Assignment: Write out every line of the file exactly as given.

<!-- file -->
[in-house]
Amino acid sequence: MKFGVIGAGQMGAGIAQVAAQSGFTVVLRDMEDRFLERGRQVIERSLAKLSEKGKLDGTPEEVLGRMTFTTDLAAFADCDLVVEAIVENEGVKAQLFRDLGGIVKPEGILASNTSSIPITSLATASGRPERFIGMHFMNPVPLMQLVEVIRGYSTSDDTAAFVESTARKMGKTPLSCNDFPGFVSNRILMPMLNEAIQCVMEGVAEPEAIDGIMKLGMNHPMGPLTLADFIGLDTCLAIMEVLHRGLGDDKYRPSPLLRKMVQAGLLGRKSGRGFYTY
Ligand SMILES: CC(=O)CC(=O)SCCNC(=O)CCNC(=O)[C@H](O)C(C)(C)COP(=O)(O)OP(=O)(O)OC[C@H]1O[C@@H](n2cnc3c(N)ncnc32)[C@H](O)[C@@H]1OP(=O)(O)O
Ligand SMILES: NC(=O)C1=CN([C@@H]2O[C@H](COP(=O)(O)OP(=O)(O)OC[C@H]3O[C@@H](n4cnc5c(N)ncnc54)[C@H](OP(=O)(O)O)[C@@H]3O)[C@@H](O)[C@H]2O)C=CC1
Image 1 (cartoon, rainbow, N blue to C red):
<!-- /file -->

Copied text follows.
[in-house]
Amino acid sequence: MKFGVIGAGQMGAGIAQVAAQSGFTVVLRDMEDRFLERGRQVIERSLAKLSEKGKLDGTPEEVLGRMTFTTDLAAFADCDLVVEAIVENEGVKAQLFRDLGGIVKPEGILASNTSSIPITSLATASGRPERFIGMHFMNPVPLMQLVEVIRGYSTSDDTAAFVESTARKMGKTPLSCNDFPGFVSNRILMPMLNEAIQCVMEGVAEPEAIDGIMKLGMNHPMGPLTLADFIGLDTCLAIMEVLHRGLGDDKYRPSPLLRKMVQAGLLGRKSGRGFYTY
Ligand SMILES: CC(=O)CC(=O)SCCNC(=O)CCNC(=O)[C@H](O)C(C)(C)COP(=O)(O)OP(=O)(O)OC[C@H]1O[C@@H](n2cnc3c(N)ncnc32)[C@H](O)[C@@H]1OP(=O)(O)O
Ligand SMILES: NC(=O)C1=CN([C@@H]2O[C@H](COP(=O)(O)OP(=O)(O)OC[C@H]3O[C@@H](n4cnc5c(N)ncnc54)[C@H](OP(=O)(O)O)[C@@H]3O)[C@@H](O)[C@H]2O)C=CC1
Image 1 (cartoon, rainbow, N blue to C red):